"The truth is, if you just looked at what we're doing, it would look in many cases like work," says Hester. "For me, it feels like play, so I'm happy to do it. There are no ads on the blog, because I don't care if it makes money or not. I don't want it to get tainted that way."

Not all FIRE bloggers are such purists. Several high-profile sites like Mr. Money Mustache and Millennial Revolution include paid ads and affiliate links to earn a modest post-retirement income for spreading the FIRE gospel.

Through her writing, Hester also wants to make it clear that early retirement is not always a "perfect rainbows and unicorns" existence. Making the switch from a job-centered life to a blank slate can be jarring. And if you're married or have kids, those relationships will need to adjust, too, now that you're home all the time.

"There's a well-documented spike in divorces in the first two years after traditional retirement, and I think that applies to early retirement as well," Hester says. "Even if retirement is really positive and done by choice, it's still inherently stressful because it's such a big life transition. A lot of people don't think that through."


Financial Experts Weigh In

With recent high-profile coverage in The New York Times, the FIRE movement is poised to go mainstream, which raises the question: how many American families can really afford to retire early?

Financial adviser Robert Schultz with Rollins Financial in Atlanta, Georgia, thinks that FIRE advocates in their 20s and early 30s may be too young to fully appreciate the financial crisis of 2007-2008, and have been somewhat spoiled by the longest bull market in history.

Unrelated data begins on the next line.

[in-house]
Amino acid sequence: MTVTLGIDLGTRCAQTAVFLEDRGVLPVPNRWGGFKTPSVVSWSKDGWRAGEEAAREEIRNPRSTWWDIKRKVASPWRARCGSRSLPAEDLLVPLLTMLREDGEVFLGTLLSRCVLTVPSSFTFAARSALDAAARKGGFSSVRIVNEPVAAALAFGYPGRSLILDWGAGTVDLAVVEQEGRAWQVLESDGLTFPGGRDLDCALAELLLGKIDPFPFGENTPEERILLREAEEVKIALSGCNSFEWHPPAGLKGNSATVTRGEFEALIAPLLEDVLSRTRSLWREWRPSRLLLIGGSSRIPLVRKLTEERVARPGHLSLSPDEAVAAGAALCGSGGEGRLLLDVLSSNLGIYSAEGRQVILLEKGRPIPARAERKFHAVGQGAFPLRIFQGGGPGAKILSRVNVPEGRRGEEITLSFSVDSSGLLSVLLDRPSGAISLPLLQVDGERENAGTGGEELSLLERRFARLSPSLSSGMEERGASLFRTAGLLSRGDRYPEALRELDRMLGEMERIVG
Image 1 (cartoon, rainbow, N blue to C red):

What if someone tried to retire early back in 2006 and withdrew just 3 percent of their investments each year for the next five years? Schultz calculates that by the end of 2011, their retirement nest egg would have shrunk by 18 percent.

"The bigger risk, though, is that someone would have sold to cash and then not participated in the bull market," Schultz says. "Timing the market is incredibly tough for anyone, so being able to think you would miss downturns is impossible."

Hardcore FIRE advocates believe they've taken such risks into account, namely by diversifying investments among the stock market, bonds and rental properties, and by not flinching when the market "adjusts" from time to time.

Karen Altfest, Ph.D. with Altfest Personal Wealth Management in New York City says that most of her clients are looking to keep working beyond the traditional retirement age, not retire decades before. With more and more people living into their 90s, Altfest is concerned that most people won't put be able to put enough away to cover 50 to 60 years of normal living expenses, let alone the hyperinflated medical costs that often accompany the last years of life.

Hester can't speak for all FIRE aspirants, but says she was very much "scarred" by the financial collapse and advocates the most conservative early retirement plan possible, one that will weather the worst market corrections. She's also written extensively about health care and early retirement, much of which hinges on the future of the Affordable Care Act.

Clearly, early retirement isn't for everybody. Hester admits that she and Bunge were "incredibly fortunate" in their situation, not only by having well-paying jobs and no debt, but also through the "dumb luck" of dodging serious health emergencies or accidents. Still, Hester believes that financial independence is within reach for lots of folks who have some extra money left over at the end of the month.

You might not retire in your 30s or 40s, but a few years early sure beats a few years late.